[This post is an early contribution to the third annual For the Love of Film blogathon and fundraiser, which will be running, starting tomorrow, from May 13-18. This year, hosts Marilyn Ferdinand, Farran Smith Nehme and Roderick Heath have dedicated the week to Alfred Hitchcock, whose early (non-directorial) work "The White Shadow" will be the beneficiary of any money earned during the event. Be sure to donate!]
The Lodger: A Story of the London Fog was one of Alfred Hitchcock's first films, and certainly his first really major work — Hitchcock himself considered it his first true feature. This moody, slowly paced silent is a variation on the Jack the Ripper tale. A mysterious killer called the Avenger is murdering blonde girls in the London night, creeping through the fog, killing women and then vanishing without a trace. The only witnesses who have seen him say that he wraps his face in a scarf, obscuring his features. So when a young new tenant (Ivor Novello) arrives at the Bunting family boarding house, his face wrapped in a scarf, the family naturally becomes suspicious of him. The Buntings (Marie Ault and Arthur Chesney) come to suspect that the new lodger could be the slasher, even as their daughter Daisy (June Howard Tripp) falls for the handsome young man, pushing away her parent-approved current boyfriend, the policeman Joe (Malcolm Keen).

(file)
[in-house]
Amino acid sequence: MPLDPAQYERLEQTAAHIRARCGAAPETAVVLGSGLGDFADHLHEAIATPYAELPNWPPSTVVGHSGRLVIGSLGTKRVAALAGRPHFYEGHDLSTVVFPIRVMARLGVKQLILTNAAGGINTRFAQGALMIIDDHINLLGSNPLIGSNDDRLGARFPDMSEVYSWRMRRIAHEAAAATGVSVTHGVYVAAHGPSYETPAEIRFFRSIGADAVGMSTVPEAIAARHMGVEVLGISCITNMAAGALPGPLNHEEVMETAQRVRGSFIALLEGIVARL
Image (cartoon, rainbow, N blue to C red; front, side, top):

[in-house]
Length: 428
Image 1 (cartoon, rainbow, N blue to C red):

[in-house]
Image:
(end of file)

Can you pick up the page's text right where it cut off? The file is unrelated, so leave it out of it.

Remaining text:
Novello's introduction is calculated to generate suspicion: he appears framed in a doorway, wrapped in a trenchcoat and scarf, his wide eyes glaring above his hidden nose and mouth. It's an introduction worthy of Nosferatu, and he briefly seems like a supernatural being, gliding into the boarding house, bringing with him the foggy air and the threat of murder. Soon, he starts behaving in less supernatural but equally suspicious ways, carrying around a suspicious bag and asking his new landlords to take down all the paintings in his room. Hitchcock stages several scenes that hint at the new lodger's sinister intentions towards Daisy — gesturing at her with a knife and a fire poker — but turn out to be utterly innocuous.
Despite the premise, though, the film is far more about sex and romance than it is about the is-he-or-isn't-he suspense centering on the killer's identity. The love triangle gives Daisy a choice between the mysterious stranger who her parents seem to dislike and the familiar, stolid Joe, who her parents like — of course this isn't much of a choice at all. There's plenty of indication that she's already getting tired of Joe, and the new lodger just provides an additional distraction. At one point, she's kissing Joe, and Hitchcock cuts to a tilted angle from above, looking at the couple as Daisy peeks over Joe's shoulder, bored of his affection, her eye catching the movement of the chandelier that dangles down in the foreground, its shaking a sign of the lodger pacing around upstairs. Joe's idea of romance is pretty unsatisfying, anyway, tied up as it is with his work and his obsession with death. "When I've put a rope around the Avenger's neck," he says in one of the film's infrequent title cards, then continues in another, "I'll put a ring on Daisy's finger." In between the two cards, Hitchcock playfully inserts a closeup of Joe sticking out his tongue and miming a hanging, making a grotesque face of death.